When one of my sons was little, he got noticeably upset when he heard a song by a Christian singer about “broken up people.” We adults get so used to metaphor that we take it for granted, but he must have been visualizing a pretty gruesome sight.
But there could also be confusion when the same metaphor has two different meanings. What do we mean by “broken” and “brokenness”? I hear it used in a negative sense, as in this song and in phrases like “broken relationships,” “broken hearts,” and “a broken world.” And in that word I hear dysfunction, wretchedness, grief, fragmentation, and despair. That’s a bad thing.
On the other hand, I hear Christian pastors and teachers talking about “brokenness” but with a different meaning—something like humility, submission to God, and dependence on Him. Like a horse whose self-will is broken and is now willing to let its master ride, or a house-broken dog that now takes delight in pleasing its owner rather than reverting to its native instincts to make a mess and destroy things. And that’s a good thing.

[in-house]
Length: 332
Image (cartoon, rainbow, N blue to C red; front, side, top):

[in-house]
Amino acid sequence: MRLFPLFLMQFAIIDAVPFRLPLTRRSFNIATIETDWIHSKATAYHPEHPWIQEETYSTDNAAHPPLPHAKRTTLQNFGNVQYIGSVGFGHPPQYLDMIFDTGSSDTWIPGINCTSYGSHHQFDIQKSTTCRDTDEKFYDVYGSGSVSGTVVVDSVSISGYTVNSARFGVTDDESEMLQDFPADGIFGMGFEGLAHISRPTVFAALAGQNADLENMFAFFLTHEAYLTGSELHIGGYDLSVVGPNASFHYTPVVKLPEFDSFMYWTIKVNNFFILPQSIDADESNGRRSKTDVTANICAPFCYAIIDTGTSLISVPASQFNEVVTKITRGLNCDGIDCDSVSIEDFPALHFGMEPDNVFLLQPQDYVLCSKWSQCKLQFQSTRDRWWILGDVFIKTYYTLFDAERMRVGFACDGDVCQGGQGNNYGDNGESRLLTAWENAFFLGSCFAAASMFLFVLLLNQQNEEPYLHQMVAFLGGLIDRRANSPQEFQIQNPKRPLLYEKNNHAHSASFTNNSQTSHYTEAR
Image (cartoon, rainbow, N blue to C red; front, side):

So, where do I fit in all this?
–I pray that God will eradicate all remnants of pride in my heart and make me totally usable for His wonderful plans and purposes. I want to delight in pleasing my Master, and that’s where I find my greatest fulfillment.
–I pray for the gift of compassion for those with broken hearts and lives and that I might be an instrument in God’s hands of healing. I want to be like a cracked clay pot with the glory of God shining through to bless and help others.
God…has made this light shine in our hearts so we could know the glory of God that is seen in the face of Jesus Christ. We now have this light shining in our hearts, but we ourselves are like fragile clay jars containing this great treasure.* This makes it clear that our great power is from God, not from ourselves.
(2 Corinthians 4:7)